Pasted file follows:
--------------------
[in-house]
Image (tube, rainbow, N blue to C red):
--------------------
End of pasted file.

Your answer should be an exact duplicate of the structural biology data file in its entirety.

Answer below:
[in-house]
Image (tube, rainbow, N blue to C red):